With just days to go before Russians choose their president on Sunday, international election observers have been meeting the candidates.
It comes after parliamentary elections last year that drew accusations of widespread voting fraud, sparked calls for the vote to be re-run, and triggered big opposition street protests.
Tiny Cox from the Council of Europe delegation said: “If there are complaints the Russian Federation has its own structures to deal with it (sic). We are not here to judge, we are to observe, that is our main duty and we hope to do it in the same way as we did it in the parliamentary elections.”
Another observer said he hoped measures like the installation of cameras would help create a more fair voting climate.
British MP Edward Lee said: “We must believe what the presidential candidates themselves say. What they all say that they want to have free elections. Mr Putin says it, they all say it. So we assume that they are telling the truth. But the problem is, do all the officials on the ground believe the same? Or do they want to please those in charge of them.”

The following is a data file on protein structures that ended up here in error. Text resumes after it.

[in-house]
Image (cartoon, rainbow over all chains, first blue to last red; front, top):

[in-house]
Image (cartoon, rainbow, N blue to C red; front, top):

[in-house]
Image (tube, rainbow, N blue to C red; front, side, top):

Tens of thousands of Russians have been training as election observers to try to prevent or limit electoral fraud this time round. The number of volunteers soared after the controversy over the parliamentary vote.
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